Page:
Advertisement

JOM

pp 1–6 | Cite as

Key Assumptions Used in the Calculation of Sustainability Parameters for Metals Processing Operations

  • Thomas P. BattleEmail author
Computational Approaches for Energy Materials and Processes
  • 5 Downloads

Abstract

No matter how sophisticated a model for prediction of important sustainability parameters, a number of assumptions must be made to yield the desired information. Some of these assumptions are well understood, and stated clearly in the description of the particular model used. However, in many cases, assumptions are not clearly stated, or sometimes not even fully understood. Using a case study of calculations for different options in iron- and steelmaking, many of these overt (and covert) assumptions are presented and discussed. It is clear that, as a model is developed and used, all assumptions should be stated clearly, including an explanation for the use of a particular assumption and a particular value. Model developers should be especially wary of assumptions that might be buried in constants or conversion factors.

Notes

References

  1. 1.
    T.P. Battle and J.M. McClelland. AISTech Proceedings, 2011, pp 943–54.Google Scholar
  2. 2.
    T.P. Battle, Presentation to Oak Ridge, Tennessee Chapter of ASM International, September, 2018.Google Scholar
  3. 3.
    Substances and Technologies: Electric Arc Furnace (www.substech.com). Accessed 31 Jan 2019.
  4. 4.
    N. Santangelo, L. Tomadin, and A. Bertolissio. AISTech Conference Proceedings, 2015.Google Scholar
  5. 5.
    K. Fujita, T. Harada, H. Michishita, and H. Tanaka, International Symposium on Ironmaking for Sustainable Development (Japan: Osaka, 2010).Google Scholar
  6. 6.
    ISIJ Basic research group: Inhibition of carbon dioxide gas and the future of ironmaking process. Iron and Steel Society of Japan, 1993.Google Scholar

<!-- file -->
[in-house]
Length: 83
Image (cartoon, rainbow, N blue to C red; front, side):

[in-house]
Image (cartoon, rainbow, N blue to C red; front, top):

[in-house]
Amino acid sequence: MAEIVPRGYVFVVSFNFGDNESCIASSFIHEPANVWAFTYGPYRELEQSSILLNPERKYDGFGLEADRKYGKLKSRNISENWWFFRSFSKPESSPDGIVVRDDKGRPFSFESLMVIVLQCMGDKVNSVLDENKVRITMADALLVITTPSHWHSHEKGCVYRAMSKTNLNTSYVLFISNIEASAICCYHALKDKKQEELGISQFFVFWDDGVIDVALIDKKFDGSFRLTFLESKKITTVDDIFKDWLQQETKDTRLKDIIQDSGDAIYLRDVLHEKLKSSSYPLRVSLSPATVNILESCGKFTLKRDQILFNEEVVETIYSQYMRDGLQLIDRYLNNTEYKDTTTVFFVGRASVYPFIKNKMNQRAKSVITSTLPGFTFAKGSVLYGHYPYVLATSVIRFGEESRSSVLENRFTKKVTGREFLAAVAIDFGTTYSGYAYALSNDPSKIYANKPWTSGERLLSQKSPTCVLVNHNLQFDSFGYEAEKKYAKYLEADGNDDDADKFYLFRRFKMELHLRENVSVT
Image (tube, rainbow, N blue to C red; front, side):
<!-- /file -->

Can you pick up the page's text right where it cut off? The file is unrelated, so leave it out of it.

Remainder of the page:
7. 7.
    J. Poveromo, Review of Ironmaking Model Data, report written for Midrex Technologies, 2011.Google Scholar
  8. 8.
    J.M. McClelland, S.A. Hornby Anderson, and G.E. Metius, SEAISI Q. 31 (3), 6 (2002).Google Scholar
  9. 9.
    J.M. McClelland and G.E. Metius, Midrex Technologies, unpublished reports.Google Scholar
  10. 10.
  11. 11.
    J. Stubbles, Energy Use in the U.S. Steel Industry (Washington: US Department of Energy, 2000).Google Scholar
  12. 12.
    Energy and Environmental Profile of the U. S. Steel Industry. US Department of Energy, 2000.Google Scholar
  13. 13.
    Key world energy statistics. International Energy Authority, 2018. Available through https://www.iea.org.
  14. 14.
    CO 2 emissions from fuel combustion: Highlights. International Energy Authority, 2018. Available through https://www.iea.org.
  15. 15.
    M.F. Riley, L. Rosen, and D. Drnevich. AISTech 2009 Proceedings. Volume 1, pp 89–101.Google Scholar
  16. 16.
    A. Lehrman, C.D. Blumenschein, D.J. Doran, and S.E. Stewart. Chapter 6: Steel Plant Fuels and Water Requirements. The Making, Shaping, and Treating of Steel, 11th Edition. Ironmaking Volume. D. H. Wakelin, editor. AISE Foundation, 1999.Google Scholar
  17. 17.
    Revised 1996 IPCC Guidelines for National Greenhouse Gas Inventories. IPCC, 1996.Google Scholar
  18. 18.
    R.J. Fruehan, O. Fortini, H.W. Paxton, and R. Brindle. Theoretical Minimum Energies to Produce Steel for Selected Conditions. US Department of Energy, 2000.Google Scholar
  19. 19.
    J.T. Kopfle and G.E. Metius. AISTech Conference, 2010.Google Scholar
  20. 20.
    D.M. Rohaus, M.A. Conedera, E.A. Mills, R. Vandlik, and P. Hardon, Iron Steel Technol. 7 (4), 37 (2010).Google Scholar
  21. 21.
    W.T. Lankford, N.L. Samways, R.F. Craven, and H.E. McGannon (Editors). The Making, Shaping, and Treating of Steel, 10th Edition. US Steel, 1985.Google Scholar
  22. 22.
    Emission Factors Database. IPCC, 2010. http://www.ipcc-nggip.iges.or.jp/EFDB/main.php. Accessed 4 Feb 2019.

Copyright information

© The Minerals, Metals & Materials Society 2019

Authors and Affiliations

  1. 1.Extractive Metallurgy ConsultantCharlotteUSA

Personalised recommendations